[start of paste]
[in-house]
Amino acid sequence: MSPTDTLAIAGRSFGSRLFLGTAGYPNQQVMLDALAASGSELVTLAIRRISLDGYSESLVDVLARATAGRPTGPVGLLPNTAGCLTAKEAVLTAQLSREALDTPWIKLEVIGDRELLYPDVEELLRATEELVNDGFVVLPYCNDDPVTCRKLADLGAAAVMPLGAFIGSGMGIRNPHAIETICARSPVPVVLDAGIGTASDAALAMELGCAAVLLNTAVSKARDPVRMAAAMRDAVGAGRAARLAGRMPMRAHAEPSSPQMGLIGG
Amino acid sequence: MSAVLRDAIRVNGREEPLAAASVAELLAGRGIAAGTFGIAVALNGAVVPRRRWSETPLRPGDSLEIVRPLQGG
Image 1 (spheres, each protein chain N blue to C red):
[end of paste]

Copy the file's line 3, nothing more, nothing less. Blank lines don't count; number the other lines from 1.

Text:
Amino acid sequence: MSAVLRDAIRVNGREEPLAAASVAELLAGRGIAAGTFGIAVALNGAVVPRRRWSETPLRPGDSLEIVRPLQGG